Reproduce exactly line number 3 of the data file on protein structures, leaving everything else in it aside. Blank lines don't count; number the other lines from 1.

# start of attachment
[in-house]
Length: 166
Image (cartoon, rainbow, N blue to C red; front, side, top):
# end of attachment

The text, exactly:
Image (cartoon, rainbow, N blue to C red; front, side, top):